Can parents refuse to send their children to school when they reopen?

Sabrina Barr
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Pupils began returning to schools in Wales on Monday - it is the first time most pupils have been in the classroom since March.

It is hoped all pupils in Wales will be able to "check in, catch up and prepare" over the next three to four weeks ahead of the September term.

For students in England, most are still waiting to get a confirmed return date. On Monday Boris Johnson told Times Radio all pupils would be back by September and he was "frustrated" it wasn't sooner.

On Monday 1 June, schools in England reopened for pupils in Reception, Year 1 and Year 6.

However, other year groups, and schools in Northern Ireland and Scotland, have not yet gone back.

When are schools across England reopening?

On Friday 20 March, three days before the establishment of nationwide lockdown, schools across England were closed in response to the coronavirus pandemic.

Only vulnerable children and children of critical workers were allowed to remain in school from that period.

In an update published by the government on Monday 11 May, it stated that by Monday 1 June “at the earliest”, primary schools in England “may be able to welcome back children in key transition years”, which includes students in nursery, Reception, Year 1 and Year 6.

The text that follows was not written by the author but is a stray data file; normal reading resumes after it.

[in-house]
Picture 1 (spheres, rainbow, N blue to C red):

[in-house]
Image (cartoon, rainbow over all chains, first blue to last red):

“Secondary schools, sixth forms and colleges will also work towards the possibility of providing some face-to-face contact with young people in Year 10 and Year 12 to help them prepare for exams next year,” the Department for Education states.

However, “progress will be monitored every day” and will determine whether it is safe to reopen schools for an increased number of pupils.

“If the virus stays on the downward slope, and the R remains below 1, then – and only then – will it become safe to go further, move to the second step and reopen schools,” the government outlines.

The government adds that its aim is “for all primary school children to return to school before the summer for a month if feasible, though this will be kept under review”.

“The Department of Education will engage closely with schools and early years providers to develop further detail and guidance on how schools should facilitate this.”

On Monday 8 June, health secretary Matt Hancock hinted that it may not be possible for schools to fully reopen in September.